YORKTOWN, N.Y. – A traditional Yorktown winter brings approximately 10.8 weather events, Highway Superintendent Dave Paganelli said. This year, Paganelli and his crew have salted and plowed the almost 200 miles of town-owned roads 19 times.
“I wouldn’t say it’s bad; I would say it’s extremely active,” Paganelli said of the winter season.
He cited the winters of 2014 and 2015 as examples of bad winters. They consecutively served up above-normal amounts of snow.
By contrast, many of this year’s events were not significant snowfalls, Paganelli said. Some were minor snowfalls and ice events. Still, if left ignored, even an inch of snow can create an “extremely dangerous situation for driving,” he said.
While storms such as Winter Storm Niko, which warranted a press conference to prepare residents for her 12 inches of snow, demand the attention of the highway department, they also demand a lot of salt. Paganelli asked the town board at the Feb. 14 work session for permission to purchase more.
Each storm calls for about 200 tons of salt, he said, and the department can store up to 8,500 tons in its facilities. After so many events, however, they’ve used up about 40 percent of the supply.
“What’s important for people to understand is that when it snows an inch overnight, when you wake up and there’s snow in your driveway and there’s no snow in the road, it means we’ve been out,” Paganelli said.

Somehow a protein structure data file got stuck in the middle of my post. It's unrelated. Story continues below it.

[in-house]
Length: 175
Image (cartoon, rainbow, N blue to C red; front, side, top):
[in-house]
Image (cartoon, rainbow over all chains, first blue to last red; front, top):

The town board authorized the comptroller to transfer $165,000 to the highway fund balance for the purchase of salt. They also discussed Paganelli’s intentions to revive his department’s discontinued brine operation.
Brine is a combination of salt and water used to pretreat the roads. The layer of 23 percent salt and 77 percent water sits on top of the pavement and is intended to prevent the snow from bonding, giving plows some extra time. Paganelli said brine is ineffective when it rains or sleets, because it just gets washed away; however, the town does have equipment to make its own brine, and he added that it might be worth the investment to use it when brine would be effective.
“If there are two or three storms out of 10 that it would be effective and it gives us extra time to get out on the road and prevent an accident, then it’s well worth trying to resuscitate,” Paganelli said.
Paganelli plans to do a test run with some borrowed brine in the future, prior to committing to the recovery of a full-time brine operation.